Election deniers raising less than opponents in key races: research
2020 election deniers in some of the biggest state races across the country are raising far less money than their opponents, according to a new report from the Brennan Center for Justice.
In 2020 former President Trump claimed that the election was “stolen” and “rigged” as a result of widespread voter fraud following his loss to President Biden. Those claims have been refuted by high-profile state and federal elections officials including former Trump Attorney General William Barr.
Since then, many Trump-aligned Republican candidates running for various positions in public office have also claimed that the 2020 election was stolen.
The analysis shows donations to secretary of state races across six battleground states —Arizona, Georgia, Michigan, Minnesota, Nevada and Wisconsin — have totaled $26.4 million, more than double the amount raised at this point in the 2018 election cycle.
In Arizona, Michigan, Nevada and Minnesota, election deniers running for secretary of state are raising a lot less money than their Democratic opponents.
In Arizona’s secretary of state race, Democratic nominee Adrian Fontes has far outraised Republican nominee Mark Finchem, a prominent 2020 election denier, according to the Brennan Center for Justice.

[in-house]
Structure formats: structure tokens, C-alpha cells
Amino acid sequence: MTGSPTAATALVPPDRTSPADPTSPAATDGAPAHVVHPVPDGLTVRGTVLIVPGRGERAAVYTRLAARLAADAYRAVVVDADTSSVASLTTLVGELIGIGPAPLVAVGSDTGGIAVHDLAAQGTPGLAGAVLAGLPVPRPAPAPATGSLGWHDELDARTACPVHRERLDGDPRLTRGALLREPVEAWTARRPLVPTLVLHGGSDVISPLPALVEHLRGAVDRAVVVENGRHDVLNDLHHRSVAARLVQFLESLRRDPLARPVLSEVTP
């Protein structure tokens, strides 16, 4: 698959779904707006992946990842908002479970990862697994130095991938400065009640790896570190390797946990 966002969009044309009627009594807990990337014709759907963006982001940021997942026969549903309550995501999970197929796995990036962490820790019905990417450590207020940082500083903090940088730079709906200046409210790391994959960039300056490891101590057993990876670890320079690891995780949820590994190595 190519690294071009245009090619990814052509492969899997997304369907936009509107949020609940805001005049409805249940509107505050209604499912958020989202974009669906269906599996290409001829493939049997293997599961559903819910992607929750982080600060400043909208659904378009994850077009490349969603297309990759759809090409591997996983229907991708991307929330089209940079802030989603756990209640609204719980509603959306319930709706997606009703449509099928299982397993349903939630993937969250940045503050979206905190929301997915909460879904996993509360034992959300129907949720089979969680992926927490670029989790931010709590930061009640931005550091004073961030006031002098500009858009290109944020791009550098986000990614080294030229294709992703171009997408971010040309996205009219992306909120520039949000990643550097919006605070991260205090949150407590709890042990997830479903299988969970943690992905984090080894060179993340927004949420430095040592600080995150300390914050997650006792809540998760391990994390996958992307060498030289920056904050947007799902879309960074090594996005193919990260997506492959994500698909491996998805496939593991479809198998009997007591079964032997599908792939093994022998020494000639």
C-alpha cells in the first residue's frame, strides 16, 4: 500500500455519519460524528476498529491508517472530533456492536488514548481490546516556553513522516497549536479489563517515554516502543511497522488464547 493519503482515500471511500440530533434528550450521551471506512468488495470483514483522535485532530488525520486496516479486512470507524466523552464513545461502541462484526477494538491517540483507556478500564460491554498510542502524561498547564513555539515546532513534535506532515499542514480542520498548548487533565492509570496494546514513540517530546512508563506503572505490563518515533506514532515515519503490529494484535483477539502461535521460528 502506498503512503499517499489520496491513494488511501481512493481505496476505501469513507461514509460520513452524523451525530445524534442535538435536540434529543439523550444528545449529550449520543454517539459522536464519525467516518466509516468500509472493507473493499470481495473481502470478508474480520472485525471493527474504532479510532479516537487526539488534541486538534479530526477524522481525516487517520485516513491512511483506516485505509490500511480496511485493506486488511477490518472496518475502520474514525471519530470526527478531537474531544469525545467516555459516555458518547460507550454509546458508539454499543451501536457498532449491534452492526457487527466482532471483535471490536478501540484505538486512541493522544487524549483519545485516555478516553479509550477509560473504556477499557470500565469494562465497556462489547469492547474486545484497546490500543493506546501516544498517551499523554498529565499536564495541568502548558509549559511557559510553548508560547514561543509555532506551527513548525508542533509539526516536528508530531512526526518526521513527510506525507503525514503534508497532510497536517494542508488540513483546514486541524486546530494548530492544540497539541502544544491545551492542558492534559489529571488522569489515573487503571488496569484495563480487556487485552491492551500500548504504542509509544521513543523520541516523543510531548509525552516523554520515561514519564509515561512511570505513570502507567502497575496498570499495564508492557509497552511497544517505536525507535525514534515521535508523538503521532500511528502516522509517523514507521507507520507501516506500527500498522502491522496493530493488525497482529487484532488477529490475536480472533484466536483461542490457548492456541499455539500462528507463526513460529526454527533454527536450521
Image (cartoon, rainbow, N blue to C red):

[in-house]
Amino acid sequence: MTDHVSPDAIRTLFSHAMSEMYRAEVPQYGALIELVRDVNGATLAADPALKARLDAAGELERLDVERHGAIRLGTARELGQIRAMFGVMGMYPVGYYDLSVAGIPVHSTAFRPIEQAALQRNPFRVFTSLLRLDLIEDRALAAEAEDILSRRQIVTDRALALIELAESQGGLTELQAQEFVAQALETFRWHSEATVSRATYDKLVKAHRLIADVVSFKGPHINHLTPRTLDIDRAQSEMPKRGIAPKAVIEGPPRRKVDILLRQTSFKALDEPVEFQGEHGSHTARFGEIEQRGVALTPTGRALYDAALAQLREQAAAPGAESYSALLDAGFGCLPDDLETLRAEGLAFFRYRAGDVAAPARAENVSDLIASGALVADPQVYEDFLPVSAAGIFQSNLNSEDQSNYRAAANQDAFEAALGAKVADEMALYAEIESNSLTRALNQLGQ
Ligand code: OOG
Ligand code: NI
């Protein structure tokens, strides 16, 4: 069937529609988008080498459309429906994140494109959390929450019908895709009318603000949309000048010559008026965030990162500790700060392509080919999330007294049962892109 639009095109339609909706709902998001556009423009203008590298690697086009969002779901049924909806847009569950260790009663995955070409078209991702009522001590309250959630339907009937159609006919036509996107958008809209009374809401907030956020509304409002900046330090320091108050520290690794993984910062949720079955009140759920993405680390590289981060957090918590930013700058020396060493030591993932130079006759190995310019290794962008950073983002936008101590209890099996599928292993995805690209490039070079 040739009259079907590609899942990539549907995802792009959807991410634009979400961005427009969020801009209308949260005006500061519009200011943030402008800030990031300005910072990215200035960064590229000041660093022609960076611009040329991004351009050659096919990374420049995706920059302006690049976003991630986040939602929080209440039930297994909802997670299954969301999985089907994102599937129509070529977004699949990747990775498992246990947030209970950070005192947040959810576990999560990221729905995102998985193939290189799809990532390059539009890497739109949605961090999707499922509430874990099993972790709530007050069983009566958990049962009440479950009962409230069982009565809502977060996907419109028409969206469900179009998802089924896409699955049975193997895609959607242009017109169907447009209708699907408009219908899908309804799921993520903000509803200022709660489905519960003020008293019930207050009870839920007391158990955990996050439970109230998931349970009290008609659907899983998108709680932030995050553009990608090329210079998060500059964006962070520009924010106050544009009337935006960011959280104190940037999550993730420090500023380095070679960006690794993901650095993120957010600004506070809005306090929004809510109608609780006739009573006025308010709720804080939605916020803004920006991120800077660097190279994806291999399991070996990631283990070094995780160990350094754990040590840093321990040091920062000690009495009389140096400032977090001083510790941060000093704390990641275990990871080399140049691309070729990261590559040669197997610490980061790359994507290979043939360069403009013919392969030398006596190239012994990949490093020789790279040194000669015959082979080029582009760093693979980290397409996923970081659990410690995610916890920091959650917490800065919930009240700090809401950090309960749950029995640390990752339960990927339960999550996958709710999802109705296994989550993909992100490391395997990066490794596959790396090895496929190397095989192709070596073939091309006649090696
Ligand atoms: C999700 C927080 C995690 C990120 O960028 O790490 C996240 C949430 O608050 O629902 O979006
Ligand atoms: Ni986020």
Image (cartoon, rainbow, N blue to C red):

Fontes has raised $2.4 million as of Sept. 30, compared to Finchem at $1.8 million in the same period.
Finchem, an Arizona state lawmaker, told CBS’s Scott Pelley, without citing evidence, that the 2020 election was tainted by voter fraud. He said that it was a defect in the system.
In Michigan, the fundraising discrepancy is even wider, according to the Brennan Center for Justice.
Secretary of State Jocelyn Benson raised $4.2 million through Sept. 16 for her reelection bid. Her opponent, Kristina Karamo, raised just $907,000 in the same period.
The races for secretary of state are critical because the position holds power over future elections in their states.
The House committee investigating the Jan. 6, 2021, attack on the U.S. Capitol highlighted how former President Trump, who continues to falsely claim the 2020 election was stolen, pushed state officials to offer an alternate slate of electors.
Republican election deniers running for governor in battleground states have also been out-raised by their Democratic opponents. Those states include Arizona, Michigan, Wisconsin, Pennsylvania, Minnesota and Nevada.
In Michigan and Pennsylvania gubernatorial races, election deniers are being outraised by a 10-to-1 ratio, according to the Brennan Center for Justice.